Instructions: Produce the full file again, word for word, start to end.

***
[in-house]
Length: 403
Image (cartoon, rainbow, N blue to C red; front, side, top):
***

[in-house]
Length: 403
Image (cartoon, rainbow, N blue to C red; front, side, top):